Confession: Letting Go Is Not as Easy as Elsa Says by Randolph (Tré) Morgan III

by Guest Blogger July 15, 2014

One of the key skills to being a good Collaborative attorney is “letting go.” In order to let a client and a couple self-determine their resolution, we have to let go of the idea of winning and losing, the idea of what “should” happen, and the idea that the “law” is the right answer for everyone, among other traditional (but fading) lawyer memes.

One thing that I didn't realize when I began my Collaborative practice is that operating outside of these ingrained lines would occasionally make me twitchy. After years of Collaborative Practice, and shelves of cases, I still struggle with this. Sometimes letting go is still hard, even though I've watched Frozen about 50 times with my daughters and can recite every word to the song.

If my client makes an informed decision to do something that is unusual, or that lies outside the bounds of their BATNA, then I sometimes hear the old school paternalistic voice saying, “They’re not doing what you would do or what the law would do, so it must be wrong.”

Of course, one of the reasons is that I have visions of that client calling me in a few years to say that they regret a decision that they made. I don’t want them to blame the Collaborative process for their retrospective regret. Or, worse yet, blame me for “letting” them make an agreement that they now regret.

The other reason is that I wonder what other non-collaborative attorneys think about agreements that lie, at least in part, outside of what an old school litigator would “allow.” Will they think less of Collaborative attorneys? Will they write off the Collaborative process as producing “weird” agreements or not protecting clients?  Will they blame the Collaborative process when a client comes to see them for an enforcement issue and there are non-traditional terms in the agreement?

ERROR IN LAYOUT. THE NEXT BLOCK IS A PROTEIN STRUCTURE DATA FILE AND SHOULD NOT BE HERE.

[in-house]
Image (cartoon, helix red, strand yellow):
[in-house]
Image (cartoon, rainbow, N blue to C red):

As an example, I have clients that decide to include separate property in the marital property division. I have clients that consider paying alimony beyond their spouse’s remarriage. I have clients that agree to pay alimony despite their spouse’s affair, which in North Carolina, bars alimony. I have clients that refuse alimony or child support though they are clearly eligible for support and know it.

In my area, those provisions are not the norm for non-collaborative attorneys (which is to say most other family law attorneys) in our area. They would at least raise an eyebrow, or trigger a Dr. Evil pinky finger to the corner of the mouth. Certainly some old school attorneys would flatly refuse to let a client choose some of those options no matter how well though out. That form of legal service is on its way out. But, what client wants to hear “Your attorney should never have let you agree to that” or “This is why the Collaborative process is a bad idea”, even if it is poor advice? Cue the sharks with lasers. 

Maybe I’m the only one that thinks about this issue, but I suspect that I’m not.